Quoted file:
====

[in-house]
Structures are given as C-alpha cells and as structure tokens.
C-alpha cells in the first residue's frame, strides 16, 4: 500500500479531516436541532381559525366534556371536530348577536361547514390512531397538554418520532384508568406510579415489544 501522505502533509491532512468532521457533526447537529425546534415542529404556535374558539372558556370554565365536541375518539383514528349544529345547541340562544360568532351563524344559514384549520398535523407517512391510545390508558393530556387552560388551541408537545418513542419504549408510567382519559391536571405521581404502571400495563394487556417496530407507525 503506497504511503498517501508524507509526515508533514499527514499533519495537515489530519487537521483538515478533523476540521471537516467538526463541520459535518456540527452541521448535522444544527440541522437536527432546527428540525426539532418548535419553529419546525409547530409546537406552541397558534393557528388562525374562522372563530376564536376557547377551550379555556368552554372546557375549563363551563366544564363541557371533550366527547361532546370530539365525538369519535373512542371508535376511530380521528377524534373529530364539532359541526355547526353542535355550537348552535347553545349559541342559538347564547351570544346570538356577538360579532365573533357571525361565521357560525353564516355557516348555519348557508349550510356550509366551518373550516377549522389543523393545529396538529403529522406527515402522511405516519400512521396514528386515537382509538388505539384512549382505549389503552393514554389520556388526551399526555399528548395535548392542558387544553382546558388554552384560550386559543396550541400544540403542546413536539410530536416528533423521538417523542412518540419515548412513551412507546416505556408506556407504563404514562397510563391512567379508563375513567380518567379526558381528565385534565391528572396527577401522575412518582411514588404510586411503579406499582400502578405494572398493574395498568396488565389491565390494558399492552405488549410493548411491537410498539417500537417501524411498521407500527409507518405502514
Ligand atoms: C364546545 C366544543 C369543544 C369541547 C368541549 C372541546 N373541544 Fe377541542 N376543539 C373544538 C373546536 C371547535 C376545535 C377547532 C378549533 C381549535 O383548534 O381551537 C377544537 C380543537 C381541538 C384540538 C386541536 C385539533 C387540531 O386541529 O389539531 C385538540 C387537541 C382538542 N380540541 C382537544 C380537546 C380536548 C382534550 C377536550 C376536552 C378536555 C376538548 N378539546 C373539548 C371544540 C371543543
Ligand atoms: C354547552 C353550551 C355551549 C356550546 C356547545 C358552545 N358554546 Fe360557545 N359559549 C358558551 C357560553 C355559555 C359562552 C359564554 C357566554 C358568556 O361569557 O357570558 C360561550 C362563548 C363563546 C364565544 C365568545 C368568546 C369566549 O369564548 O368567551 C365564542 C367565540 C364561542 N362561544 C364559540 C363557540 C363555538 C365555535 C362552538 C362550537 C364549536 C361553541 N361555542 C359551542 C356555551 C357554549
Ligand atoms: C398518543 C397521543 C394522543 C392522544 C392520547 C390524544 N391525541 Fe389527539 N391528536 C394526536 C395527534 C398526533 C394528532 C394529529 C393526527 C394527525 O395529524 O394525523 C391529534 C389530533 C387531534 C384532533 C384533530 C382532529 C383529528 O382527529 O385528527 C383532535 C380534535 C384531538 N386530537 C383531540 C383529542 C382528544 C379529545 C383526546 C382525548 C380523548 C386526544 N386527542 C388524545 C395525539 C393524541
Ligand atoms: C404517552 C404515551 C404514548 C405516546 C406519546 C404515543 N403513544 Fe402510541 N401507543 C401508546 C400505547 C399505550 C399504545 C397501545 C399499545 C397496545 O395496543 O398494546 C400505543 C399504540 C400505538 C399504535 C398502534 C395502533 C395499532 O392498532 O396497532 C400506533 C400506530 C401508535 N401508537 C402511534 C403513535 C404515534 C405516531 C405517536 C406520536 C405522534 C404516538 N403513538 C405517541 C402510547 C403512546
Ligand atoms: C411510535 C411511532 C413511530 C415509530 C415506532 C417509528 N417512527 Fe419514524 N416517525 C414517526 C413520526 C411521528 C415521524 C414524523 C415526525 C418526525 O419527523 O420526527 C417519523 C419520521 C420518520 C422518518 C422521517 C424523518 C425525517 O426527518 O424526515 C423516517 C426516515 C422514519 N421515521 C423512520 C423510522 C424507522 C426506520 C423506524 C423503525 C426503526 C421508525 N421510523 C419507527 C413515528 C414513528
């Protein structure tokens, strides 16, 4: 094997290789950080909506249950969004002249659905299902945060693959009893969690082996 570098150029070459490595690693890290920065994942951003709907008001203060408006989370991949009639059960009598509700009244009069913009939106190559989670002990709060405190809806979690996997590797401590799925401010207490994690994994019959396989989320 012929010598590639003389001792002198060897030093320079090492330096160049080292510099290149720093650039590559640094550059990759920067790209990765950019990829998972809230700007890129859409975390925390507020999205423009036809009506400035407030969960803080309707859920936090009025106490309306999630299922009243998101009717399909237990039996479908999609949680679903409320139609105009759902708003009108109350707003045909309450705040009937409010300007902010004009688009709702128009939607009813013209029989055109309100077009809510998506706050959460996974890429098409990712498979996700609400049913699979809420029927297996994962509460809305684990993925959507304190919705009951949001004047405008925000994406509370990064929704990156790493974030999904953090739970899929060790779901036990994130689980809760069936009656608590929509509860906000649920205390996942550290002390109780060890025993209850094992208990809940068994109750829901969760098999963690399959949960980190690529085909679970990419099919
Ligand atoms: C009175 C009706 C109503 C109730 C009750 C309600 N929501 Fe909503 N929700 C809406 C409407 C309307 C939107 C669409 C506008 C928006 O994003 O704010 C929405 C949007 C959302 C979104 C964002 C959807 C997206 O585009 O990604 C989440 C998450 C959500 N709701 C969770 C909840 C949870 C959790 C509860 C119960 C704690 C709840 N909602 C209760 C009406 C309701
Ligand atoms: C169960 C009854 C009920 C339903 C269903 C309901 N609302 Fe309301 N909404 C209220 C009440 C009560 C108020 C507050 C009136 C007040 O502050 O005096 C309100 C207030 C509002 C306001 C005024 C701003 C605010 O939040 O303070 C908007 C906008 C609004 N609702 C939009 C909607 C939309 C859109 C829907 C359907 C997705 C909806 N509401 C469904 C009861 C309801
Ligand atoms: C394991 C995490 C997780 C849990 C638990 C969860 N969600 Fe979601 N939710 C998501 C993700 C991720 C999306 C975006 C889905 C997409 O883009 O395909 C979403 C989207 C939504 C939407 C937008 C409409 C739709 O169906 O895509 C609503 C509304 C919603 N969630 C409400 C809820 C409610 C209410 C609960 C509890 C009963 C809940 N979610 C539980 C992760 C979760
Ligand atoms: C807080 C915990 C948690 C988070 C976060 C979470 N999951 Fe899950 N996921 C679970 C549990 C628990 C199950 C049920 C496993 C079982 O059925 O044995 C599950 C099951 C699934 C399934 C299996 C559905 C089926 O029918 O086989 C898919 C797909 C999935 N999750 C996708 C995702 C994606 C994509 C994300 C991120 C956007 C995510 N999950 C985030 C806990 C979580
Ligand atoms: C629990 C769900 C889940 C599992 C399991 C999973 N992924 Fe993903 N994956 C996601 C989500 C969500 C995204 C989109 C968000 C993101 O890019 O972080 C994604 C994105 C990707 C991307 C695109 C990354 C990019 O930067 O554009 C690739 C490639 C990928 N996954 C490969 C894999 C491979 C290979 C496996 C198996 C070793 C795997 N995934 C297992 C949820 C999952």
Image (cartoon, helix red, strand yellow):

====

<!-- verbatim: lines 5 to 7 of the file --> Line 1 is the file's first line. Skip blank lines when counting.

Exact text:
Ligand atoms: C354547552 C353550551 C355551549 C356550546 C356547545 C358552545 N358554546 Fe360557545 N359559549 C358558551 C357560553 C355559555 C359562552 C359564554 C357566554 C358568556 O361569557 O357570558 C360561550 C362563548 C363563546 C364565544 C365568545 C368568546 C369566549 O369564548 O368567551 C365564542 C367565540 C364561542 N362561544 C364559540 C363557540 C363555538 C365555535 C362552538 C362550537 C364549536 C361553541 N361555542 C359551542 C356555551 C357554549
Ligand atoms: C398518543 C397521543 C394522543 C392522544 C392520547 C390524544 N391525541 Fe389527539 N391528536 C394526536 C395527534 C398526533 C394528532 C394529529 C393526527 C394527525 O395529524 O394525523 C391529534 C389530533 C387531534 C384532533 C384533530 C382532529 C383529528 O382527529 O385528527 C383532535 C380534535 C384531538 N386530537 C383531540 C383529542 C382528544 C379529545 C383526546 C382525548 C380523548 C386526544 N386527542 C388524545 C395525539 C393524541
Ligand atoms: C404517552 C404515551 C404514548 C405516546 C406519546 C404515543 N403513544 Fe402510541 N401507543 C401508546 C400505547 C399505550 C399504545 C397501545 C399499545 C397496545 O395496543 O398494546 C400505543 C399504540 C400505538 C399504535 C398502534 C395502533 C395499532 O392498532 O396497532 C400506533 C400506530 C401508535 N401508537 C402511534 C403513535 C404515534 C405516531 C405517536 C406520536 C405522534 C404516538 N403513538 C405517541 C402510547 C403512546